In a business environment where many would have us believe nothing is being built, there are quite a few decent openings this year.
We've already enjoyed the completion of the Sharp Project in Manchester and of course Media City's BBC North offices this year. The latest in a good line of North West newcomers is the Museum of Liverpool, which opened this week.
A few points from a personal perspective about this: firstly I need to eat – as is en vogue – some humble pie on this one and admit I was wrong. I badmouthed the concept for years as an unnecessary vanity trip by the people at National Museums Liverpool following the demise of the Fourth Grace project, which would have partly occupied the site as well as Mann Island next door. In its finished state it's an elegant addition to the skyline. It would have been taller without the planning restrictions set by World Heritage Status, currently under review by Unesco, but what has been delivered is a sleek and classy building fit for the site.
For those that haven't visited, I hope you catch it on a sunny day when the sun reflects off the Mersey like a golden 'snowstorm' on the giant end window viewable from the Albert Dock.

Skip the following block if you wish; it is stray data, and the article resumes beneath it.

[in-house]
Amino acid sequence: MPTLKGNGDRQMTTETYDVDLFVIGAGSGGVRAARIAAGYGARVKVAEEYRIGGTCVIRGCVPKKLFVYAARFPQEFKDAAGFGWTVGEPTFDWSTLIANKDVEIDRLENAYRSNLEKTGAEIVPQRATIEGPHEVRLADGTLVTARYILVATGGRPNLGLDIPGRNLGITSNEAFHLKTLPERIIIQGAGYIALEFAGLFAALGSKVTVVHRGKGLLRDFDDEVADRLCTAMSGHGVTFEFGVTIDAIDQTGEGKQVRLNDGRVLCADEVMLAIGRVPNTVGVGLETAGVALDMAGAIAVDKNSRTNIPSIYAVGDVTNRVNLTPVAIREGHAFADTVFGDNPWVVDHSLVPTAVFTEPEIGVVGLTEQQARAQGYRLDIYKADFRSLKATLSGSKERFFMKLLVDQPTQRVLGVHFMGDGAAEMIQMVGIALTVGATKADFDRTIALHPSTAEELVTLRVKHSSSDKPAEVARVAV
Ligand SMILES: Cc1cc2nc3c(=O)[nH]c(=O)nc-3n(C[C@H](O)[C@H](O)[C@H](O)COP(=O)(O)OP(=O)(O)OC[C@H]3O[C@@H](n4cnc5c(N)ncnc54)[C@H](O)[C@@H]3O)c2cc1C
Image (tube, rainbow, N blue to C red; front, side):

Secondly, I was dismayed but not altogether surprised to see the Museum of Liverpool nominated for the Carbuncle Cup, a dubious title awarded to the worst building of the year by Building Design magazine. Also on the list are Peel's Media City UK, Artisan's apartments at Kings Dock, Liverpool and the Mann Island development by Neptune and Countryside, also on the Liverpool waterfront.
Whilst reluctant to criticise another publication or editor, let alone a fine national title well respected by architects, it seems a rather jaundiced and snide feature. I'm sure it generates great publicity (here we are) and readership but Cups celebrate things. This does not. At best the Carbuncle Cup is a backhanded celebration of good design by criticising bad design. It's a subjective thing but it gives me a bad taste all of its own.